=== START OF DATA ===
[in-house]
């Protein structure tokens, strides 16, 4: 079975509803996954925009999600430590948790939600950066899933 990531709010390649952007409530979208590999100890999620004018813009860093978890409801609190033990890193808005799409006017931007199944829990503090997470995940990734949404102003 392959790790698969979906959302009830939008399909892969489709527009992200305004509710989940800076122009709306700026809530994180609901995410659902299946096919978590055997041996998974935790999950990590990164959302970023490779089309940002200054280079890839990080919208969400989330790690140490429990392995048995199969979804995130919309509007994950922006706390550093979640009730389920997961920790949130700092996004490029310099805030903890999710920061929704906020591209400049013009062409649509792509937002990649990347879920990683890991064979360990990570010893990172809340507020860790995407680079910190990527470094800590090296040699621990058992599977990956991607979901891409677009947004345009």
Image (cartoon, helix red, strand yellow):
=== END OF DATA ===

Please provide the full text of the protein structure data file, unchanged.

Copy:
[in-house]
């Protein structure tokens, strides 16, 4: 079975509803996954925009999600430590948790939600950066899933 990531709010390649952007409530979208590999100890999620004018813009860093978890409801609190033990890193808005799409006017931007199944829990503090997470995940990734949404102003 392959790790698969979906959302009830939008399909892969489709527009992200305004509710989940800076122009709306700026809530994180609901995410659902299946096919978590055997041996998974935790999950990590990164959302970023490779089309940002200054280079890839990080919208969400989330790690140490429990392995048995199969979804995130919309509007994950922006706390550093979640009730389920997961920790949130700092996004490029310099805030903890999710920061929704906020591209400049013009062409649509792509937002990649990347879920990683890991064979360990990570010893990172809340507020860790995407680079910190990527470094800590090296040699621990058992599977990956991607979901891409677009947004345009």
Image (cartoon, helix red, strand yellow):